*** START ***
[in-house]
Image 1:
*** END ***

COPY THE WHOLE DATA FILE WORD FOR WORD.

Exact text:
[in-house]
Image 1: